Quantcast CHARACTERISTICS OF LENSES

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There are several factors that must be included when you are considering the characteristics of lenses. To perform well as a Navy photographer, you must recognize the effect of these lens characteristics. Realize also that it is the recognition and use of these various lens features and/or qualities that can make the difference between good and poor photography. You must learn to recognize the photographic effect of these characteristics and be able to apply them to produce top quality photography. Finally, you must learn how some of the lens characteristics may limit photographic quality or operational capability.

Lens Focal Length

In photography, lens focal length is the distance between the optical center of a lens and the focal plane (film plane) of the camera when the lens is focused at infinity (fig. 1-17). To understand this definition, you must fully understand the terms focal plane, optical center, and infinity.

Figure 1-17. Focal plane and optical center.

Figure 1-18. Effects of lens-to-subject distance on light rays.

Focal plane-The surface (plane) on which an image transmitted by a lens is brought to sharp focus; the surface or area at the back of the camera occupied by the film.

Optical center-The optical center of a lens is a point, usually (although not always) within a lens, at which the rays of light from two different sources entering the lens are assumed to cross.

Infinity-This term is not easily described. When light is reflected from the point of an object, the closer the point is to the lens, the greater is the angle of the spread of light rays from the object (fig. 1-18). As the object point gets farther away from the lens, the angle of spread becomes less and less until a distance is reached at which the rays from a single point, for all practical purposes, can be considered parallel. This distance is known by the term infinity. For all practical purposes, light rays from a distant object or an object at 600 or more feet away may be considered to be parallel. But this is only for practical purposes. When very long focal-length lenses or telephoto lenses are being considered, the distance of 600 feet may be much less than infinity. In other words, infinity is a distance so far removed from the camera lens that the rays of light reflected to the lens from a point at that distance may be regarded as parallel. Infinity is expressed by the symbol and is a setting on a camera focusing scale.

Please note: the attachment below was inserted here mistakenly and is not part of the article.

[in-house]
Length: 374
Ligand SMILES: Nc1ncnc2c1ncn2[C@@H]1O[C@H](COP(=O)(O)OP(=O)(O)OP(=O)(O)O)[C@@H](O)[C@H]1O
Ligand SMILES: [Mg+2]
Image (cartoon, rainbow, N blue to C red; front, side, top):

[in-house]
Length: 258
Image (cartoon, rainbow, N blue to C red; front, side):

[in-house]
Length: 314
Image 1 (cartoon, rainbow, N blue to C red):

The manner in which light rays are refracted by a lens determines the focal length. This refraction, in turn, depends on the nature of the glass used in the elements, the curvatures of the element surfaces, and the separation of the elements. The first two factors are fixed quantities once the lens is manufactured, but the third factor may be changed individually in certain lenses.

In zoom lenses the distance separating the lens elements can be changed. In convertible lenses, portions or elements of the lens can be used by themselves. In either method, the focal length of the lens can be changed. When one of these two conditions cannot be met, the focal length is fixed and constant.

Photographic lenses are measured according to their focal length which is normally imprinted somewhere on the lens mounting (usually the front surface of the lens barrel). This focal length information is sometimes given in inches, sometimes in millimeters, and occasionally in both systems. Focal length is frequently used to indicate the size of a lens. Thus, a lens labeled as an 8-inch lens indicates that when it is focused on a point at infinity, the distance from its optical center to the focal plane is 8 inches.

The focal length of a photographic lens dictates the size of the image produced by the lens at a given lens-to-subject distance. Focal length also determines the minimum distance between the lens and the focal plane. The normal focal length of a lens (normal lens) for a camera is approximately equal to the diagonal dimension of the film being used. Since the diagonal dimension of a 4x5 film is 6.4 inches, a lens about 6 inches is a normal lens for such film.

Lenses with a longer than normal focal length may be used on a camera, provided the distance from the lens to the film can be increased sufficiently to accommodate the increase in focal length. Lenses shorter than the normal focal length may also be used, provided they are designed to meet the constraints of the camera and film size.



 


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